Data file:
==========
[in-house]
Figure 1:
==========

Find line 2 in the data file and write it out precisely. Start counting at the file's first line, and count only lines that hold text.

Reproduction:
Figure 1: